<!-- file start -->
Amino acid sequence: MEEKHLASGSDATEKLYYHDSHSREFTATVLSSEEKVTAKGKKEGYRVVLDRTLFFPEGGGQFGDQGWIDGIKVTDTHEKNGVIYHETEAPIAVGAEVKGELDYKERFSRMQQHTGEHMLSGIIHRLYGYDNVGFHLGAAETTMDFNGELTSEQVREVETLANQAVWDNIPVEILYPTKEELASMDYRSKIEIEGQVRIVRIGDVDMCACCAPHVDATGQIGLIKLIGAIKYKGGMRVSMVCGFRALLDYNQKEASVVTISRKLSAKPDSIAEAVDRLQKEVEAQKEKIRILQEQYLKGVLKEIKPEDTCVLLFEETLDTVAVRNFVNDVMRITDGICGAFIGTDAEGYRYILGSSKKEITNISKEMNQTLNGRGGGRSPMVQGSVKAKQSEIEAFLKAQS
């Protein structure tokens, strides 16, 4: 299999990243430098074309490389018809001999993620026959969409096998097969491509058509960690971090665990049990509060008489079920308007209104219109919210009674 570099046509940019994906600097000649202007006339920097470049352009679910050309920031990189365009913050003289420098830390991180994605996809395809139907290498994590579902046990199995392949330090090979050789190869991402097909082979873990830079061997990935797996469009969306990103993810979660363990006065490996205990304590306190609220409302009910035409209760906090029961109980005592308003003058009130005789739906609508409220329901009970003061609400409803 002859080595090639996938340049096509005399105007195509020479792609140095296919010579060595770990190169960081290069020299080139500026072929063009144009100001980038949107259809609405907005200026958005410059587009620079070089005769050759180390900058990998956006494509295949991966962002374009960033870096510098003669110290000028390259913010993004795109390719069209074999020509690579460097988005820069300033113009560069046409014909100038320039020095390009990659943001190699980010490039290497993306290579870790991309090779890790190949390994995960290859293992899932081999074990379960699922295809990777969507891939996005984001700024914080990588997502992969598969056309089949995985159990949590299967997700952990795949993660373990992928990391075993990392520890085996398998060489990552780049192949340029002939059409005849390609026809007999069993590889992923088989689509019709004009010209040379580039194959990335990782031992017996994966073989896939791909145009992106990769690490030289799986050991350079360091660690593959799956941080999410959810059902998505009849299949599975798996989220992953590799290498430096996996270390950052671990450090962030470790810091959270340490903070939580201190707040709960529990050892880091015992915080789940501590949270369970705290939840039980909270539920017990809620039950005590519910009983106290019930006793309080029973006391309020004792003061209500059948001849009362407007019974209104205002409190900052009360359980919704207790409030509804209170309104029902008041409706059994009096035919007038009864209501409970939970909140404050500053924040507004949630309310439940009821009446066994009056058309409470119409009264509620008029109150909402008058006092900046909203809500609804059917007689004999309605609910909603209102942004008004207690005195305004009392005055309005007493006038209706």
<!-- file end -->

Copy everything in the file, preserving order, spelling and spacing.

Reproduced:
Amino acid sequence: MEEKHLASGSDATEKLYYHDSHSREFTATVLSSEEKVTAKGKKEGYRVVLDRTLFFPEGGGQFGDQGWIDGIKVTDTHEKNGVIYHETEAPIAVGAEVKGELDYKERFSRMQQHTGEHMLSGIIHRLYGYDNVGFHLGAAETTMDFNGELTSEQVREVETLANQAVWDNIPVEILYPTKEELASMDYRSKIEIEGQVRIVRIGDVDMCACCAPHVDATGQIGLIKLIGAIKYKGGMRVSMVCGFRALLDYNQKEASVVTISRKLSAKPDSIAEAVDRLQKEVEAQKEKIRILQEQYLKGVLKEIKPEDTCVLLFEETLDTVAVRNFVNDVMRITDGICGAFIGTDAEGYRYILGSSKKEITNISKEMNQTLNGRGGGRSPMVQGSVKAKQSEIEAFLKAQS
């Protein structure tokens, strides 16, 4: 299999990243430098074309490389018809001999993620026959969409096998097969491509058509960690971090665990049990509060008489079920308007209104219109919210009674 570099046509940019994906600097000649202007006339920097470049352009679910050309920031990189365009913050003289420098830390991180994605996809395809139907290498994590579902046990199995392949330090090979050789190869991402097909082979873990830079061997990935797996469009969306990103993810979660363990006065490996205990304590306190609220409302009910035409209760906090029961109980005592308003003058009130005789739906609508409220329901009970003061609400409803 002859080595090639996938340049096509005399105007195509020479792609140095296919010579060595770990190169960081290069020299080139500026072929063009144009100001980038949107259809609405907005200026958005410059587009620079070089005769050759180390900058990998956006494509295949991966962002374009960033870096510098003669110290000028390259913010993004795109390719069209074999020509690579460097988005820069300033113009560069046409014909100038320039020095390009990659943001190699980010490039290497993306290579870790991309090779890790190949390994995960290859293992899932081999074990379960699922295809990777969507891939996005984001700024914080990588997502992969598969056309089949995985159990949590299967997700952990795949993660373990992928990391075993990392520890085996398998060489990552780049192949340029002939059409005849390609026809007999069993590889992923088989689509019709004009010209040379580039194959990335990782031992017996994966073989896939791909145009992106990769690490030289799986050991350079360091660690593959799956941080999410959810059902998505009849299949599975798996989220992953590799290498430096996996270390950052671990450090962030470790810091959270340490903070939580201190707040709960529990050892880091015992915080789940501590949270369970705290939840039980909270539920017990809620039950005590519910009983106290019930006793309080029973006391309020004792003061209500059948001849009362407007019974209104205002409190900052009360359980919704207790409030509804209170309104029902008041409706059994009096035919007038009864209501409970939970909140404050500053924040507004949630309310439940009821009446066994009056058309409470119409009264509620008029109150909402008058006092900046909203809500609804059917007689004999309605609910909603209102942004008004207690005195305004009392005055309005007493006038209706």